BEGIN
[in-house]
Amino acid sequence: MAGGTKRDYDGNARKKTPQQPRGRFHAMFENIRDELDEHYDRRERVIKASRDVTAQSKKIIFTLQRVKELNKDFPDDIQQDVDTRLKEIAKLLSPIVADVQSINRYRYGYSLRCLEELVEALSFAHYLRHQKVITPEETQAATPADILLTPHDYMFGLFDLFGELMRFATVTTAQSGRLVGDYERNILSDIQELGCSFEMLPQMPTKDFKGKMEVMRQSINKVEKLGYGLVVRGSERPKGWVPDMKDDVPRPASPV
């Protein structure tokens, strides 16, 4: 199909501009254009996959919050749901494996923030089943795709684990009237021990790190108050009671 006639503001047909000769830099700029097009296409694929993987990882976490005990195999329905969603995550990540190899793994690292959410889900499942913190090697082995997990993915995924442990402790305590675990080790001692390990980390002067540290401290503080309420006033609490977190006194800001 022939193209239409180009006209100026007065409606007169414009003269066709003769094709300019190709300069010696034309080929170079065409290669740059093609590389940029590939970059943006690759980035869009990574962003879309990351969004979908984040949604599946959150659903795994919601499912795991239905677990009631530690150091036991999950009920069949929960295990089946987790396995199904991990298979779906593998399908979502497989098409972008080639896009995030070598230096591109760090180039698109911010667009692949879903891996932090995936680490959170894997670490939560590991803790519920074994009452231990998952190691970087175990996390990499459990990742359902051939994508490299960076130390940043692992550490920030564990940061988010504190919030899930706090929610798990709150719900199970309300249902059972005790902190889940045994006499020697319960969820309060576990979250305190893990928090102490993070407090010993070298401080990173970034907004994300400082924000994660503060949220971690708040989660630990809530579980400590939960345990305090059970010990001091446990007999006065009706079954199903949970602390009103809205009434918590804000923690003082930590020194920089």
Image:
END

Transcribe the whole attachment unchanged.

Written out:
[in-house]
Amino acid sequence: MAGGTKRDYDGNARKKTPQQPRGRFHAMFENIRDELDEHYDRRERVIKASRDVTAQSKKIIFTLQRVKELNKDFPDDIQQDVDTRLKEIAKLLSPIVADVQSINRYRYGYSLRCLEELVEALSFAHYLRHQKVITPEETQAATPADILLTPHDYMFGLFDLFGELMRFATVTTAQSGRLVGDYERNILSDIQELGCSFEMLPQMPTKDFKGKMEVMRQSINKVEKLGYGLVVRGSERPKGWVPDMKDDVPRPASPV
């Protein structure tokens, strides 16, 4: 199909501009254009996959919050749901494996923030089943795709684990009237021990790190108050009671 006639503001047909000769830099700029097009296409694929993987990882976490005990195999329905969603995550990540190899793994690292959410889900499942913190090697082995997990993915995924442990402790305590675990080790001692390990980390002067540290401290503080309420006033609490977190006194800001 022939193209239409180009006209100026007065409606007169414009003269066709003769094709300019190709300069010696034309080929170079065409290669740059093609590389940029590939970059943006690759980035869009990574962003879309990351969004979908984040949604599946959150659903795994919601499912795991239905677990009631530690150091036991999950009920069949929960295990089946987790396995199904991990298979779906593998399908979502497989098409972008080639896009995030070598230096591109760090180039698109911010667009692949879903891996932090995936680490959170894997670490939560590991803790519920074994009452231990998952190691970087175990996390990499459990990742359902051939994508490299960076130390940043692992550490920030564990940061988010504190919030899930706090929610798990709150719900199970309300249902059972005790902190889940045994006499020697319960969820309060576990979250305190893990928090102490993070407090010993070298401080990173970034907004994300400082924000994660503060949220971690708040989660630990809530579980400590939960345990305090059970010990001091446990007999006065009706079954199903949970602390009103809205009434918590804000923690003082930590020194920089």
Image: